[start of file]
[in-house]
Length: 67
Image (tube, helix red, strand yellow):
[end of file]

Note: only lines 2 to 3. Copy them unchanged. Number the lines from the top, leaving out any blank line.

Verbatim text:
Length: 67
Image (tube, helix red, strand yellow):